Kathryn J. Edin, H. Luke Shaefer and Timothy J. Nelson
A sweeping and surprising new understanding of extreme poverty in America from the authors of the acclaimed $2.00 a Day: Living on Almost Nothing in America.
Three of the nation’s top scholars – known for tackling key mysteries about poverty in America – turn their attention from the country’s poorest people to its poorest places. Based on a fresh, data-driven approach, they discover that America’s most disadvantaged communities are not the big cities that get the most notice. Instead, nearly all are rural. Little if any attention has been paid to these places or to the people who make their lives there.
This revelation set in motion a five-year journey across Appalachia, the Cotton and Tobacco Belts of the Deep South, and South Texas. Immersing themselves in these communities, pouring over centuries of local history, attending parades and festivals, the authors trace the legacies of the deepest poverty in America—including inequalities shaping people’s health, livelihoods, and upward social mobility for families. Wrung dry by powerful forces and corrupt government officials, the “internal colonies” in these regions were exploited for their resources and then left to collapse.
The unfolding revelation in The Injustice of Place is not about what sets these places apart, but about what they have in common—a history of raw, intensive resource extraction and human exploitation. This history and its reverberations demand a reckoning and a commitment to wage a new War on Poverty, with the unrelenting focus on our nation’s places of deepest need.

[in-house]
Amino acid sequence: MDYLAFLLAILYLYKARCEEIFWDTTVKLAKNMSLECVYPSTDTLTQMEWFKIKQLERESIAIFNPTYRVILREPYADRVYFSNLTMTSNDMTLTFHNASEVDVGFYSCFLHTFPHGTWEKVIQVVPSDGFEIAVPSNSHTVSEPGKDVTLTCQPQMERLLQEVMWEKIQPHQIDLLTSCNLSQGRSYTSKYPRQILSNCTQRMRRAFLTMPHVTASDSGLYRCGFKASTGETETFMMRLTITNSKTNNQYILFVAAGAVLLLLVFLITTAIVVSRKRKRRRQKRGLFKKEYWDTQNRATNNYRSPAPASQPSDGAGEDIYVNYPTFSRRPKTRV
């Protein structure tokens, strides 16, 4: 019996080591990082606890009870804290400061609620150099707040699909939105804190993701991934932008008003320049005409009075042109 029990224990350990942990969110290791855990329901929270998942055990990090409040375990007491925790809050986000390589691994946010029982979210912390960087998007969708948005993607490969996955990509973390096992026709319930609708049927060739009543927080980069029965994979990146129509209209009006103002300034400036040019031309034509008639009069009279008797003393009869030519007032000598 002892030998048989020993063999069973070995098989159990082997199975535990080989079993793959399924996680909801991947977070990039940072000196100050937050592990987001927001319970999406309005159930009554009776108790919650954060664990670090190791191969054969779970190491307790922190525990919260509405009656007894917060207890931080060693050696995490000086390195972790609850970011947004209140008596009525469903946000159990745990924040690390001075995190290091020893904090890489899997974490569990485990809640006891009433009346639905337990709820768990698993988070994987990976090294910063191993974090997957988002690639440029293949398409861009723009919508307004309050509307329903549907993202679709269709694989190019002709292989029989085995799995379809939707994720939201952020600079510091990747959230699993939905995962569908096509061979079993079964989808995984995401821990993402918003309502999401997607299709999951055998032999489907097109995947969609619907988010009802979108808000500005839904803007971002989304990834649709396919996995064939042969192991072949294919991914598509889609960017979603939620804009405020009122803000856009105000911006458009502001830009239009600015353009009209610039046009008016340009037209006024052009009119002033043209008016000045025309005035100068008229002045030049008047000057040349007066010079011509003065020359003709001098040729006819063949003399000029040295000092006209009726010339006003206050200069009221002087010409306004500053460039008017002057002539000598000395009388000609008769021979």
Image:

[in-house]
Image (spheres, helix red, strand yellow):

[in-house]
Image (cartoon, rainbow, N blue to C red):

Praise for The Injustice of Place
“Captivating and insightful, The Injustice of Place sheds new light on how the places in which we live shape so many aspects of our lives… the authors exemplify the best of social science today.”
–Raj Chetty, MacArthur Fellow and Professor of Economics, Harvard University
“This book challenges and enrages, humbles and indicts—and forces you to see American poverty in a whole new light.”
-Matthew Desmond, Pulitzer Prize-winning author of Evicted: Poverty and Profit in the American City
“Woven with vivid, first-hand accounts and bolstered by fresh data, Injustice of Place convincingly knots present-day disadvantage to the long tail of racism and extractive capitalism.”
-Mona Hanna-Attisha, Flint pediatrician and author of What the Eyes Don’t See: A Story of Crisis, Resistance, and Hope in an American City
“Incisive, surprising, enraging, and hopeful, The Injustice of Place is the book on poverty we’ve needed all along.”
-Reuben Miller, MacArthur Fellow and author of Halfway Home: Race, Punishment and the Afterlife of Mass Incarceration
Index of Deep Disadvantage
To understand disadvantage across the U.S., researchers developed an Index of Deep Disadvantage using the same data for both counties and cities, which allows for direct comparison. This index represents a holistic look at disadvantage, using health indicators (life expectancy, low infant birth weight), poverty metrics (rates of poverty and deep poverty), and social mobility data (Opportunity Insights Mobility Metrics).
This measure of disadvantage is complemented by local perspectives that provide a deeper understanding of America’s most vulnerable communities. By painting a vivid portrait of the conditions in the nation’s most disadvantaged communities, the index not only uncovers what factors drive disparities, but it can help pinpoint where policymakers, state and local leaders, and residents can take action to improve health, well-being, and opportunity for all.